“I must be afraid to get close to people, so I’m always discovering excuses to find something wrong with them.”
 
I nodded, suspecting he was on to something. “Sounds like a good insight.” Then, almost wondering aloud, “How is it trying to get close to me?”
 
He thought as his leg started kicking back and forth. “Well, it seems easier compared to others.”
 
“How so?”
 
“You’re not judging me, you accept what I’m saying, don’t need anything from me.”
 
I confess I was pleased to hear this, but suspected there was more to the story.
 
“Do you feel close to me?” I literally felt my body heating up, as if we were moving closer to something important happening between us in the room.
 
“I guess,” he said, looking out the window, fidgeting in his seat.
 
“You’re not sure?” I asked, trying to keep him present and accounted for.
 
“Well, I know we’ve talked about coming twice a week and I think I’m afraid to do that.”

The last several weeks we had been discussing his aversion to adding a session, making it a twice-a-week treatment, an opportunity for us to become more intimate. I could see him bristle at my suggestion when he mentioned “not enough time” at the end of the last few sessions. I suspected this was one version of how his fears of intimacy got re-enacted between us. “And what scares you about being together twice a week?” I asked.
 
“That you will discover something really wrong with me,” he said softly, picking at his buttons.
 
“And what would I see that’s wrong with you?”
 
He thought. “I don’t know––that I’m missing a gene that’s required for intimacy and a healthy relationship,” he said. “Maybe I have some incapacity, or I’m damaged goods, unable to be resurrected for a real marriage.” He said this with a big sigh, hanging his head, shaking it back and forth.           
 
We explored what he meant by “damaged goods.” This was a painful process with long silences and quiet tears running down his face.
 
“Once you see that, you’d give up on me, feel I’m unable to change.” He said this under his breath, choking down the tears, almost as if his words are stuck in his throat. “Maybe you’d think I’m a hopeless case, give up on me and want to get rid of me.”
 
He was barely audible. Were these new thoughts for him? My heart ached for himNow we were getting to how fear of intimacy played out between us.
 
“Is that what you think? Are you the one who thinks you’re a hopeless case?” I asked. He was afraid I’d reject him. Perhaps this was why he rejected some women so quickly so they didn’t have a chance to reject him first.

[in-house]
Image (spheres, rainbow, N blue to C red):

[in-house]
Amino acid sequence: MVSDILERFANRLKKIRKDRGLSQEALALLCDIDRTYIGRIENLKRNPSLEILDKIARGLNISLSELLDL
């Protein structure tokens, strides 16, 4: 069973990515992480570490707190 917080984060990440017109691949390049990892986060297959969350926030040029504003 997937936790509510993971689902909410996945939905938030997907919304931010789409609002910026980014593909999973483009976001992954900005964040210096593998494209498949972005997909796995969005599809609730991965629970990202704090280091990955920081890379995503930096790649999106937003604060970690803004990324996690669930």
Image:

The conversation segued into his first marriage failing. For the nine years they were together, it had been harder and harder to extend the intimacy, both sexually and interpersonally. Here in the room, elbows on his knees, head in his hands, he was unable to say why he had withdrawn from his wife. I also wondered about the pain he had been holding regarding his failed marriage. He didn’t understand why he felt so bad about himself; he just did. He always remembered feeling this way: not wanted, made fun of for being heavy, not feeling worthwhile or responded to. I imagined his weight, which had been with him his entire life, was an insulator for many of these feelings.
 

Ruptures

A few weeks later, Nick came rushing in late—highly unusual for him—and stormed across the doorway to my office. He appeared excited, invigorated, as he waved his arms around and stumbled hard onto the couch.
 
“I don’t know what’s going on,” he said breathlessly, “but recently I’m feeling angry—angry all the time.” My eyebrows rose as I nodded, suspecting this was a good thing.
 
He settled himself, took a breath and added, “Truthfully, I think it’s just I’m aware I’m angry.” Normally, Nick struggled to connect with his feelings and suffered with a blunted affect that resulted in a lot of fatigue and apathy. I suspected the overeating fueled the fatigue and depression and served to numb out painful feelings. “Since our work together,” he continued, “I see how there’s always been this under current of anger, but now see I’m allowing it to register. Not the usual denial of how I feel, and so I’m seeing how pervasive it is.” I can see how the food allows me to bury my frustration. He appeared animated and incredulous.
 
“Sounds like a good insight,” I said. I waited. Silence.  “Are you feeling angry now?”            
 
He considered this. “I…I don’t know. I guess I am,” he said surprisingly, almost as if to himself. I waited.
 
“Is there something you’re angry with me about?” I asked, not having anything in mind, but thinking about his being late and coming in angry.
 
“Well, no,” he pondered, “that seems like a stretch. Why would you ask?”
 
“You’ve come late today, which is uncharacteristic of you; in fact I can’t recall you ever being late, and you’re talking about being angry right now. We’re the only two here, so I thought it might have something to do with us.”
 
“I’m thinking it’s more about the spat my boss and I had this morning. I’m feeling stirred up by that,” he said, repositioning himself. After a minute, he stilled himself, focused and continued, “You know, now that I think about it, I did leave here kind of ticked off last week.”
 
He talked about his disappointment with me because I hadn’t had a chance to read an article he had written. I had told him I’d be happy to read it, but hadn’t done so between our two appointments. I certainly understood his disenchantment with me; had I been honest, I would have told him I couldn’t read the article for a couple weeks. I now realized my counter-transference had prevented me from saying anything, not wanting to disappoint him—an old habit of avoiding and pleasing people so they’ll like me.